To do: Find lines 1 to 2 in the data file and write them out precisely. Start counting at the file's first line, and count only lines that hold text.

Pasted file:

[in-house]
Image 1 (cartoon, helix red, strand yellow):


[in-house]
Image 1 (cartoon, helix red, strand yellow):